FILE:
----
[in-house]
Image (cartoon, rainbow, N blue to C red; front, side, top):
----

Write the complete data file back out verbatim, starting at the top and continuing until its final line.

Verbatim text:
[in-house]
Image (cartoon, rainbow, N blue to C red; front, side, top):